Victoria Falls: Trip Preparation & Destination Information

Victoria Falls: Trip Preparation & Destination Information

About Victoria Falls


Victoria Falls, on the border between Zimbabwe and Zambia, is one of the seven wonders of the world and is classified as a world heritage site. On the bucket list of many people around the globe, Victoria Falls draws hundreds of thousands of visitors every year. In full flow, it is the biggest single curtain of falling water in the world at 1708 meters long. The water plunges 100 meters in places, into a deep and winding gorge, full of turbulent rapids and whirlpools. One of the world’s most spectacular waterfalls, Victoria Falls is a breathtaking sight to behold.


Location: On the border of Zimbabwe and Zambia

Official Name: Victoria Falls / Mosi-oa-Tunya (The Smoke That Thunders) 

Height: 355 ft (108m)

Time Zone: Central Africa Time (GMT +2)

Emergency Number: 999

Outlet: Types D/G


Packing List

Speak the Language

Language: Zimbabwe’s main languages are Shona, spoken by over 70% of the population, and Ndebele, spoken by roughly 20%. There are seven official languages in Zambia: Bemba, Nyanja, Lozi, Tonga, Luvale, Lunda, and Kaonde. English is the official language of government and is used for education, commerce, and law.


  • Hello - Mhoro
  • Goodbye - Sara mushe
  • Thank you - Ndatenda
  • Do you speak English? - Unotaura chirungu?
  • How are you? - Makadii?
  • I’m fine, thank you - Ndaswera ndatenda
  • What’s your name? - Zita rako ndiani?
  • My name is… - Zita randu ndi..
  • Where is... - Kupi.
    • The bathroom - Imba yekugezera


   Google Translate: Google Translate: Download the Google Translate app or click here 

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Culture Notes

  • Malaria does exist in this area of Southern Africa, and hotels will have mosquito nets equipped to protect from bites. Before going to sleep please ensure that the nets are covering the bed completely, with no gaps for mosquitos to get through.
  • Prevent getting bitten by wearing clothes that cover your bare skin. Long shirts, socks, shoes and long pants after dark – most mosquito bites occur below the knee. Speak to your doctor about options for antimalarial tablets.
  • Insect repellent is the single most important line of defense. Make sure you bring enough of an effective (preferably stick or lotion) repellent and that you use it liberally and frequently!  You need to look for the active ingredient (DEET) on the bottle.
  • Until at least 2025, USD is the official currency of Zimbabwe. Local payment transfer apps similar to Zelle or Venmo exist, though we highly suggest carrying small bills in US currency. Botswana uses the pula. In both countries, cash is king. Expect many places to not accept credit cards, or to have high fees if they do.
  • Our trucks are purpose-built, self-contained safari vehicles.  Each seat will have access to a USB outlet to charge your devices.
  • African conditions are extremely tough on vehicles. While we fastidiously maintain our vehicles at our workshops, you should not expect Africa to be your traditional touring experience. While it's certainly our aim to avoid them, it's important that you set off on your trip knowing that the occasional breakdown can happen and is best treated as part of the adventure. Due to wet weather, there may be times when we have to take an alternative route which will mean longer travel times.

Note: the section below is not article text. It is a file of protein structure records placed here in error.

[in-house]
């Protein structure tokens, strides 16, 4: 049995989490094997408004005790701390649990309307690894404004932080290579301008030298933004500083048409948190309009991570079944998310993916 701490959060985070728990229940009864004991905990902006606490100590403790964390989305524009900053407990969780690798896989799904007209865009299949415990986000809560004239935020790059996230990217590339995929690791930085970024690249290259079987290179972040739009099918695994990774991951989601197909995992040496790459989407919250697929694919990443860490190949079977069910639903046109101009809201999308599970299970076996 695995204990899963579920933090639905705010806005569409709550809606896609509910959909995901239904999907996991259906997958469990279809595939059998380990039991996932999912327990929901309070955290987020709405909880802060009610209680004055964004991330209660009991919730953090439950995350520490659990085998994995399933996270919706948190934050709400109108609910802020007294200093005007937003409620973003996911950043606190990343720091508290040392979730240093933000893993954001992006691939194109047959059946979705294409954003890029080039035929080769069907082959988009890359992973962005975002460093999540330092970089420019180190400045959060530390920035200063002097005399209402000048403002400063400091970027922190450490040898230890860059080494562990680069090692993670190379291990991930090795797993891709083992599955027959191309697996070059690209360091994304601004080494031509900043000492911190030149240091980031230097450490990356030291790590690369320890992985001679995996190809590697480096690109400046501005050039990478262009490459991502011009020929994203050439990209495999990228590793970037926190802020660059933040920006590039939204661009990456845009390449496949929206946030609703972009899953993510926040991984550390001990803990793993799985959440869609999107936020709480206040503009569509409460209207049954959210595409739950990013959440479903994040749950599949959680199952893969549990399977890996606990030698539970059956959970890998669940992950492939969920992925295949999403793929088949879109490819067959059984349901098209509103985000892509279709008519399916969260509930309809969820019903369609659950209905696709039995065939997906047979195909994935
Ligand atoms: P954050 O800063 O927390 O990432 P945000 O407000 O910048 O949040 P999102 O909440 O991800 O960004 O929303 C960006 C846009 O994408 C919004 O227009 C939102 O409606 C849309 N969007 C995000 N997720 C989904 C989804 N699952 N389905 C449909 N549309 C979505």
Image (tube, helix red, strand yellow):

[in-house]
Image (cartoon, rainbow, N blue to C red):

• Each truck is equipped with lockers in the back to store your belongings, though you will need to bring your own lock to secure it if you wish. 
  • Trucks are also equipped with a water purification system, and we highly suggest bringing a reusable bottle. Local water is unsafe to drink or brush your teeth with, and you should be using purified or bottled water.


Tipping Suggestions: Tips for Guides, drivers and restaurants are not included. Tips provide supplemental income, and, while not mandatory, are greatly appreciated. If the local teams have added to the experience, please reward them.

Guides USD $5-10 per person/per day
Drivers USD $3-4 per person/per day
Restaurants  10% of the total bill



Where can I find information on travel safety? Check out the US Department of State's website for the most up-to-date information on safety while traveling.


Is the water safe to drink? The tap water in some areas of Zimbabwe is fine to drink, and in others, it is not. We would recommend you always drink bottled water to be safe.


Do I need a Visa? For visa information, click here. Make sure your passport is valid for at least six months after you return home and has two or more blank pages. Otherwise, some countries may not let you enter.


What about vaccines? For vaccination information, click here.


Do you recommend travel insurance? While not required, we highly recommend all travelers get travel insurance for their trip to protect themselves from the unknown! Check out travel insurance options from our partner,, or from a provider of your choice.


How much should I pack? As we will be using shared transfers and spaces throughout our tour we recommend all travelers pack as lightly as possible. Please review our luggage restrictions below.


What does public transportation look like? Taxis are affordable and convenient, but be careful to only hire licensed taxi drivers. Another option is the Bamba Bus, a hop-on-hop-off style bus that makes stops around town.


Is Uber or Lyft available? No, neither are available. Taxis exist at the airport, though most will require exact change in cash (USD).


What about Wifi? Cell service is available in Victoria Falls and Kasane, but service will be spotty or nonexistent outside.

Luggage Restrictions

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